A Tampa boy was born unable to breathe or swallow, doomed to die. But across the country, researchers were fixing floppy dogs with the same condition. Could his parents keep him alive long enough for science to come up with a cure?
One in 50,000
Finding a fix
He’s in there
If it works on dogs …
Building muscles and mind
Banking on gene therapy
Trying to hold on
For some, a miracle
A documentary video
Should parents be given the opportunity to give terminally ill kids risky treatments?
What was your reaction to the series?
What questions do you still have?
Reporter Lane DeGregory and photographers John Pendygraft and Lara Cerri met Lincoln DeLuna in early 2016. His parents agreed to allow the Tampa Bay Times to follow along as they waited for a cure. Maggie Hoyle-Germann and Anthony DeLuna also provided photographs and videos of Lincoln’s first years. The reporting for this story involved traveling to Seattle, to the Institute for Stem Cell and Regenerative Medicine lab at the University of Washington; to San Francisco, to the offices of Audentes Therapeutics; to Gainesville, to the Powell Gene Therapy Center at the University of Florida; and to Melbourne and Jacksonville, to visit other families touched by myotubular myopathy. The reporter was present for many of the scenes included in the series and recreated others by interviewing those who were there.
To hear an audio version of each chapter and listen to the journalists talk about the project, download the WriteLane podcast.
is a Pulitzer Prize-winning Tampa Bay Times reporter who prefers writing about people in the shadows. Lane graduated from the University of Virginia, where she was editor in chief of the Cavalier Daily student newspaper. Later, she earned a master's degree in rhetoric and communication studies from the University of Virginia. She previously worked for the Daily Progress and The Virginian-Pilot and moved to Florida in 2000 to write for the Times. She has won dozens of national awards, including twice winning Scripps Howard’s Ernie Pyle Award for human interest writing, eight National Headliner Awards and been recognized eight times by the American Society of Newspaper Editors. She teaches at the University of South Florida, the Poynter Institute and journalism conferences across the world. Contact her at firstname.lastname@example.org or (727) 893-8825. See more of her work at lanedegregory.org. Listen to her podcast, WriteLane.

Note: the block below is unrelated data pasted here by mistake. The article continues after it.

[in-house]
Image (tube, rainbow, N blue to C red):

was born and raised in El Paso, Texas, and has been at the Tampa Bay Times since 1997. Pendygraft has received national awards for feature writing, video and still photography from the American Society of News Editors, Society of Professional Journalists, Scripps Howard, National Headliner Awards, Pictures of the Year International and the Emmy awards. His documentary revealing escalating violence and neglect in Florida mental hospitals was included in the winning entry for the 2016 Pulitzer Prize for Investigative Reporting, won a regional Emmy and was a finalist for a national Emmy. His continuing mental health coverage was nominated for a regional Emmy in 2018. In 2017-2018, Pendygraft completed a Knight-Wallace Fellowship at the University of Michigan and is pursuing a Ph.D. in anthropology at the University of South Florida. Contact him at email@example.com or (727) 893-8247.
covered community journalism as a Tampa Bay Times staff photojournalist from 2001 to 2017. She won first-place awards from Photographer of the Year International and the Association of Food Journalists. Her photography career began in her high school darkroom in Scottsdale, Ariz., where she was yearbook photo editor. She graduated from San Francisco State University with a journalism degree. She previously worked for The San Francisco Chronicle and The Evansville Courier & Press. She also has taught photojournalism at Indiana University and in St. Petersburg public schools.
To support Lincoln DeLuna’s medical fund, go to